I cannot say of my own knowledge whether that previous state of society was in any objective sense "better" or "worse" than what followed, according to any pertinent standard. But the dynamic of delegation -- the transfer of an ongoing responsibility to a hired agent -- has certain consequences that can only be negative:

  • The delegator swiftly feels relieved of all aspects of the job except paying the agent.
  • The agent, being a hired hand, has less of a commitment to the job than to his own well-being.
  • The two are more likely than not to squabble over:
    • The scope of the job;
    • How well it's being performed;
    • The appropriate remuneration for it;
    • The appropriate metrics for adequate performance;
    • The appropriate degree of latitude of action to be afforded the agent.

The case of Ferguson, where a nearly pure-white police force is responsible for maintaining public order in a two-thirds black community, offers an even greater hazard, owing to the influences Reed cites in his essay. That the shooting of junior-varsity thug Michael Brown by Officer Darren Wilson brought matters to a head should surprise no one except the excessively multiculturally credulous. Neither should the rapidly intensifying arguments over the use of military-grade gear by the understandably fearful Ferguson police, and the governor's invocation of the National Guard to reimpose order, given the immediate eruption of violence under the guise of "protest."

Worse is in the offing as National Guard troopers from all over Missouri flood into Ferguson, a place to which few of them will have any ties. The chasm between the "forces of order" and those they're intended to watch over will grow wider as the freedom of action of Ferguson residents is circumscribed further. It could only get worse with federal involvement...and that, frighteningly, now appears to be on the horizon.


There's much more one could say about this, but my duties beckon. The key lies in localism: essentially, the attitude that "our problems," for the most geographically concentrated meanings of "our," are properly ours to cope with, and not to be handed off to hirelings who might botch it. The fatuity of discarding localism, such that everything becomes everyone's concern and everyone's responsibility to fix, becomes ever plainer as racially, ethnically, and religiously homogeneous population nodes reassert local prerogatives, effectively walling themselves off from the surrounding nation. Some such become exclaves, where the writ of law as the rest of us understand it does not run.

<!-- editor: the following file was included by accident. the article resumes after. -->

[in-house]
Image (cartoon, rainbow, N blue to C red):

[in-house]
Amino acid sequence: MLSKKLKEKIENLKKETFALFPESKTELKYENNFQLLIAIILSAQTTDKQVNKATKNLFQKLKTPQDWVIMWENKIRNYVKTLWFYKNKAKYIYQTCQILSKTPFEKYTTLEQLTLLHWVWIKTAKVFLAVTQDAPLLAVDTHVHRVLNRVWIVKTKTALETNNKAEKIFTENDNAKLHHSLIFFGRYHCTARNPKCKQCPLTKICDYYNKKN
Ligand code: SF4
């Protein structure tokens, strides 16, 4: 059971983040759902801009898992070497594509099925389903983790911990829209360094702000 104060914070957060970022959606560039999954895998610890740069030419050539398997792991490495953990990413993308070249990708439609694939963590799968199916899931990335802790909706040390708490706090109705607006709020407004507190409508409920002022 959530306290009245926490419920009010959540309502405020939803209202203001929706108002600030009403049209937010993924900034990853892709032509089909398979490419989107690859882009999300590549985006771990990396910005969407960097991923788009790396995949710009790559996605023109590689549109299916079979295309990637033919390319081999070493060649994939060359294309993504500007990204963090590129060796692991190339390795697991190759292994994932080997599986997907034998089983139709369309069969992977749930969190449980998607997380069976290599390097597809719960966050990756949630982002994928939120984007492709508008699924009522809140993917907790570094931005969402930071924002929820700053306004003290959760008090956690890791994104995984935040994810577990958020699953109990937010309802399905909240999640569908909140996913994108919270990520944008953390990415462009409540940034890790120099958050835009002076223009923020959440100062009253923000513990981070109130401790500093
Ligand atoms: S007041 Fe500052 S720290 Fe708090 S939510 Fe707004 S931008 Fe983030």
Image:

The most vivid illustrations involve Islamic populations imported into historically non-Islamic nations. France has its banlieus. Britain has Luton and similar districts. America has Dearborn, Michigan. But though the cleavage in Ferguson is racial rather than religious, the dynamics driving local sociopolitical developments are much the same.

I might return to this. Stay tuned.

Monday, August 18, 2014

Sulva Come To Earth: The Culmination Of The Hedonic Upheaval

Some old men, firmly attached to the things of their fondly remembered pasts, are fairly easy to shock. Others, emotionally calloused by what they've seen (and in some cases, what they've done), take a lot more work. I'm one of the latter sort. But now and then a development will pierce me in an unexpected place:

Japanese scientists claim to have developed a sex doll that is amazingly lifelike. Advertisements for the dolls in Japan say anybody who buys one will never want a real girlfriend again.

That's probably an exaggeration, but the thing is, just as robot workers are getting better while human workers stay the same, so robot women are getting better all the time, too. And smarter: Siri's inventors are working on a new artificial intelligence program called Viv that will do "anything you ask." Put that together with the fancy sex dolls, and you've got a true fembot.

We've already been warned about what comes next by Matt Groening's Futurama series, in which an episode warned of humanity's extinction as illustrated by a boy who was more interested in making out with his "Marilyn Monroebot" than in school, work or dating. The moral was don't date robots, lest society lose its reason for existence: "All civilization was just an effort to impress the opposite sex. And sometimes the same sex." And, of course, sex with robots doesn't produce children, eventually causing the entire species to die out.

Professor Reynolds, who's more of a child of this time than I, compared this to the well-known short story "The Screwfly Solution," by the late Alice Sheldon (who more frequently wrote under the pen name "James Tiptree, Jr."). The story concerns meddling by an unknown alien race in the human psyche, by which it replaced the human male's drive to mate and reproduce with an unconquerable homicidal impulse toward all human females. But were our beloved InstaPundit to reach a wee bit further into the past, he might have recalled this passage from C. S. Lewis's blockbuster novel That Hideous Strength:

“Who is called Sulva? What road does she walk? Why is the womb barren on one side? Where are the cold marriages?”

Ransom replied, “Sulva is she whom mortals call the Moon. She walks in the lowest sphere. The rim of the world that was wasted goes through her. Half of her orb is turned toward us and shares our curse. Her other half looks to Deep Heaven; happy would be he who could cross that frontier and see the fields on her further side. On this side, the womb is barren and the marriages cold. There dwell an accursed people, full of pride and lust. There when a young man takes a maiden in marriage, they do not lie together, but each lies with a cunningly fashioned image of the other, made to move and to be warm by devilish arts, for real flesh will not please them, they are so dainty (delicati) in their dreams of lust. Their real children they fabricate by vile arts in a secret place.”